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    Maybe we're getting to a point where you should just go camping and hiking with no gun and take your chances with threats from wildlife or criminal behavior. It looks like our politicians have looked out for us pretty well. We should have put up more of a fight for our rights, and voted more often. It gets a wee bit pathetic when some guy asks a perfectly sane question about protecting himself while out in the wilderness and it requires pages of legal opinion in an attempt to support him doing so. Give it up. We've lost it.
     
  24. ArtP

    ArtP Member

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    I camp in California too and have had to familiarize myself with these laws. If nothing else they're highly confusing and even LE isn't fully aware and at times can make unwarranted arrests. Before I chime in here with what I know, I will say the best source for the information you're after is a site called calguns.net. It's much like THR, only focused on CA.

    Here is an excellent post that tried to make as much light as possible from the confusing laws:

    http://www.calguns.net/calgunforum/showthread.php?t=186457

    A summary of what I know follows. You can open loaded carry anywhere shooting is allowed and at your campsite. Shooting is not allowed with 150 yards of a structure or a *different* camp, on or across water. Shooting on or across a road is also illegal, but can be done a short distance off the road (150 yd does not apply). So running to the bathroom while OLC in a campground is illegal, so is walking across a road - technically.

    Different parks have different rules, so you must check city, county and state regs. There is also another rule that says you can't be negligent when you shoot, and if you ask me that's a setup for LE to use when nothing else fits.

    Some bad information that is floating around: A loaded mag is NOT considered a weapon or a gun and doesn't constitute anything. In fact you can transport a gun in a locked case with a loaded magazine right next to it in the same case, long as they're not touching. Some cops aren't clear on the loaded mag rules and bad arrests have happened.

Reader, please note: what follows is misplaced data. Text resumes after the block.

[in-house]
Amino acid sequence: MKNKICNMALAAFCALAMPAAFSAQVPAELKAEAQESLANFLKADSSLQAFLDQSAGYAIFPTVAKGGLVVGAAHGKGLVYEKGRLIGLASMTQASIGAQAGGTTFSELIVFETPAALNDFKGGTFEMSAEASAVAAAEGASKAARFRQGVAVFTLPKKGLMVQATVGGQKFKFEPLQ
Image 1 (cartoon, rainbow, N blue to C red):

There is a carry rule for actively hunting or to/from hunting. I'm not positive, but I believe that rule lets you concealed carry under those circumstances. The link above will explain it.

    Good luck and don't lose your rights.
     
    Last edited by a moderator: Aug 17, 2010
  25. Zoogster

    Zoogster Member

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    The distances change county to county Art P which I demonstrated by citing two of them.

    Some are 300 yards or more while others are less.

    Art P said:
    A loaded handgun mag is nothing if the gun is locked up, but it is something if the gun is not.
    Case law basically says that the magazine is considered a concealed handgun if you conceal it while also having immediate use of the handgun.
    So for example if you legally open carry unloaded, or legally have the handgun sitting next to you outside a case, and you have a concealed magazine the magazine can be counted as a concealed handgun in violation pf PC12025 if you don't have a concealed carry weapon license.
    Open carrying unloaded and have a magazine in your pocket? Criminal violation of PC12025.


    However without immediate access to the gun the magazine no longer counts as a concealed gun if it is concealed.
    The loaded and detached magazine never counts as a loaded gun under PC12031, but can count as a concealed gun under PC12025 in the above circumstances.

    This is based on case law (where I believe the court got the interpretation wrong, but it is the prevailing law of the land since) and is the current legal situation.